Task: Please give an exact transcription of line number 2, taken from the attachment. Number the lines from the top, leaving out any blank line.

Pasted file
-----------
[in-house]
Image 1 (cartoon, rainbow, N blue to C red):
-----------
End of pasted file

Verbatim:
Image 1 (cartoon, rainbow, N blue to C red):